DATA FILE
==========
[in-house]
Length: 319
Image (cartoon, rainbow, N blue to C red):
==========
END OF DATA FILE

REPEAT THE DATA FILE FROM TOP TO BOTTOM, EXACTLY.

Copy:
[in-house]
Length: 319
Image (cartoon, rainbow, N blue to C red):